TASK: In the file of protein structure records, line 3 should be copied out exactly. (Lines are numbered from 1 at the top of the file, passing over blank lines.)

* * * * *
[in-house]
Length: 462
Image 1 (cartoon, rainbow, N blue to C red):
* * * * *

Image 1 (cartoon, rainbow, N blue to C red):